An anti-nuclear flash mob organized by film director Ko I-chen (柯一正) last year in front of the Presidential Office has given rise to a wave of opposition to nuclear power in the nation’s artistic industry, though most people are probably unaware that the idea for the protest originated during an otherwise casual chat.
On May 28 last year, Ko and several other directors staged a flash-mob event on Ketagalan Boulevard in front of the Presidential Office, during which about 60 people formed the Chinese character ren (人, human being) for 30 seconds while shouting: “I am a human being, I oppose nuclear power.”
The idea for the performance came about one day last year when Ko and fellow film director Wu Yi-feng (吳乙峰) were discussing the anti-nuclear movement on their way to a golf course.
“Because neither of us are experienced in writing slogans or delivering rousing speeches, we thought that performance art might be the best way for us to express our anti-nuclear stance,” Ko said in an interview with the Liberty Times (the Taipei Times’ sister paper) last month, adding that the pair were so engrossed in their conversation that they managed to take a wrong turn on the way to the golf course.
After exchanging a number of ideas, Ko said they settled on two possible scenarios for their protest: Either they stage a flash mob, or instead they would lay on the ground in front of the Presidential Office until they were carried away by police.
“Although the second option would guarantee more public and media attention, we decided to opt for the former as our main objective was to voice our opposition to nuclear power, not ignite a war,” Ko said.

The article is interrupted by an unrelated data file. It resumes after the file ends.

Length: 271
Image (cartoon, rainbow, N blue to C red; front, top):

To ensure a well-choreographed, uninterrupted performance, Ko had to draw on his experience as a producer and dispatched a number of his staff members to inspect the surroundings of the Presidential Office.
The exact area in which the participants should gather, ways to redirect traffic on Ketagalan Boulevard and a means of recording the performance were elements that needed to be thoroughly mapped out in advance, Ko said, adding that the performance was rehearsed more than a dozen times at Chiang Kai-shek Memorial Hall before being staged in public.
In addition to making detailed plans concerning the number of participants and the flash mob’s formation, Ko also had to keep the event off of the media’s radar until the day of the performance to avoid any unwanted attention.
“When the final day came, each of us was fairly nervous. Fortunately, most of the participating film directors were natural-born actors and they successfully blended in with the crowds on Ketagalan Boulevard by pretending to be either passersby out for a walk, or groups of friends chatting,” Ko said.
At the prearranged time, which coincided with the changing of the traffic signals, all of the participants assembled and formed the character ren, Ko said, adding that one participant nearly missed the performance because he was too preoccupied with talking to others on a walkie-talkie.